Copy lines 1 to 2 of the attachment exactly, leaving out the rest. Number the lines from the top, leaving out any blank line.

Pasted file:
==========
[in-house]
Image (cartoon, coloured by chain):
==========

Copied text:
[in-house]
Image (cartoon, coloured by chain):